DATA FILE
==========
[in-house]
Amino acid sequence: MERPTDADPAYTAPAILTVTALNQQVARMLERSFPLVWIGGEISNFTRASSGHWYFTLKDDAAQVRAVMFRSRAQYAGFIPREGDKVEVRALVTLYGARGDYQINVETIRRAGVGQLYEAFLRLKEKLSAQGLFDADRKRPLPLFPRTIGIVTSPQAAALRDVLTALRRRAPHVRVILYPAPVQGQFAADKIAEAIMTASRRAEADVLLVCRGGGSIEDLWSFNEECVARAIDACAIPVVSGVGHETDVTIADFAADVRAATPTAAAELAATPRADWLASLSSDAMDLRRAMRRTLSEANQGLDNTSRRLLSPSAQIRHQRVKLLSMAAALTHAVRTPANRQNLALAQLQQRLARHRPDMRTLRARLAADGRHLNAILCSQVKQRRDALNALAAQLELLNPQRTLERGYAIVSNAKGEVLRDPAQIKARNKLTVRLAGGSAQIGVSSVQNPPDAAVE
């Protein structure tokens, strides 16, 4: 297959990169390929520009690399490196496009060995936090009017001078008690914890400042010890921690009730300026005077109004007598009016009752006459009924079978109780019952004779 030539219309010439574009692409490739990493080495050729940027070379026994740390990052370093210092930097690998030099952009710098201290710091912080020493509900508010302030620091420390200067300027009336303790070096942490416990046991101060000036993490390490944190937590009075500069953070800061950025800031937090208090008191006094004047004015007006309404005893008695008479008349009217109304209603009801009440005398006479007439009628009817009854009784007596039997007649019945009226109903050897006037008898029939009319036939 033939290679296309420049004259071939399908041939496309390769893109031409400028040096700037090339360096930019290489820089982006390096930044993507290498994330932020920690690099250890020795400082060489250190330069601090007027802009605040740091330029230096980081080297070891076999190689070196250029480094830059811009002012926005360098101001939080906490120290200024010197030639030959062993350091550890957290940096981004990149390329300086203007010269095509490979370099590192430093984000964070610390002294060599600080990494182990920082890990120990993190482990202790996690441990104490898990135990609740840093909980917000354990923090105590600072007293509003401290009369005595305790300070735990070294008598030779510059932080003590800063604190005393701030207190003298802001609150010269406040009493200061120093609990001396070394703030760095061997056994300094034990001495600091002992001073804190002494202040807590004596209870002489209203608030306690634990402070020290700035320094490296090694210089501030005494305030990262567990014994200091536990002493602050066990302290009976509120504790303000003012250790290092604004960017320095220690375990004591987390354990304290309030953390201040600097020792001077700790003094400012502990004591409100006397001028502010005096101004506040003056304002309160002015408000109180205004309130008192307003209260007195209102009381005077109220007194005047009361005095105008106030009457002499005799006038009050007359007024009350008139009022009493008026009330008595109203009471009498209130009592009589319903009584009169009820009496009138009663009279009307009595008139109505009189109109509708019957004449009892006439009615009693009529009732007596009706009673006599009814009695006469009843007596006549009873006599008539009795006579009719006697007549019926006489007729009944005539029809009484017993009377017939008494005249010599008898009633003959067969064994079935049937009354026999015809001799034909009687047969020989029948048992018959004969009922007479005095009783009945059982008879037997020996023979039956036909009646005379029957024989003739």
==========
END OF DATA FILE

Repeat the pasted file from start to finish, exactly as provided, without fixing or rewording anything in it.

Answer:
[in-house]
Amino acid sequence: MERPTDADPAYTAPAILTVTALNQQVARMLERSFPLVWIGGEISNFTRASSGHWYFTLKDDAAQVRAVMFRSRAQYAGFIPREGDKVEVRALVTLYGARGDYQINVETIRRAGVGQLYEAFLRLKEKLSAQGLFDADRKRPLPLFPRTIGIVTSPQAAALRDVLTALRRRAPHVRVILYPAPVQGQFAADKIAEAIMTASRRAEADVLLVCRGGGSIEDLWSFNEECVARAIDACAIPVVSGVGHETDVTIADFAADVRAATPTAAAELAATPRADWLASLSSDAMDLRRAMRRTLSEANQGLDNTSRRLLSPSAQIRHQRVKLLSMAAALTHAVRTPANRQNLALAQLQQRLARHRPDMRTLRARLAADGRHLNAILCSQVKQRRDALNALAAQLELLNPQRTLERGYAIVSNAKGEVLRDPAQIKARNKLTVRLAGGSAQIGVSSVQNPPDAAVE
């Protein structure tokens, strides 16, 4: 297959990169390929520009690399490196496009060995936090009017001078008690914890400042010890921690009730300026005077109004007598009016009752006459009924079978109780019952004779 030539219309010439574009692409490739990493080495050729940027070379026994740390990052370093210092930097690998030099952009710098201290710091912080020493509900508010302030620091420390200067300027009336303790070096942490416990046991101060000036993490390490944190937590009075500069953070800061950025800031937090208090008191006094004047004015007006309404005893008695008479008349009217109304209603009801009440005398006479007439009628009817009854009784007596039997007649019945009226109903050897006037008898029939009319036939 033939290679296309420049004259071939399908041939496309390769893109031409400028040096700037090339360096930019290489820089982006390096930044993507290498994330932020920690690099250890020795400082060489250190330069601090007027802009605040740091330029230096980081080297070891076999190689070196250029480094830059811009002012926005360098101001939080906490120290200024010197030639030959062993350091550890957290940096981004990149390329300086203007010269095509490979370099590192430093984000964070610390002294060599600080990494182990920082890990120990993190482990202790996690441990104490898990135990609740840093909980917000354990923090105590600072007293509003401290009369005595305790300070735990070294008598030779510059932080003590800063604190005393701030207190003298802001609150010269406040009493200061120093609990001396070394703030760095061997056994300094034990001495600091002992001073804190002494202040807590004596209870002489209203608030306690634990402070020290700035320094490296090694210089501030005494305030990262567990014994200091536990002493602050066990302290009976509120504790303000003012250790290092604004960017320095220690375990004591987390354990304290309030953390201040600097020792001077700790003094400012502990004591409100006397001028502010005096101004506040003056304002309160002015408000109180205004309130008192307003209260007195209102009381005077109220007194005047009361005095105008106030009457002499005799006038009050007359007024009350008139009022009493008026009330008595109203009471009498209130009592009589319903009584009169009820009496009138009663009279009307009595008139109505009189109109509708019957004449009892006439009615009693009529009732007596009706009673006599009814009695006469009843007596006549009873006599008539009795006579009719006697007549019926006489007729009944005539029809009484017993009377017939008494005249010599008898009633003959067969064994079935049937009354026999015809001799034909009687047969020989029948048992018959004969009922007479005095009783009945059982008879037997020996023979039956036909009646005379029957024989003739």